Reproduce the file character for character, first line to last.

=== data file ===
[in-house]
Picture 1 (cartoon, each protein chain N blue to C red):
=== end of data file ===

[in-house]
Picture 1 (cartoon, each protein chain N blue to C red):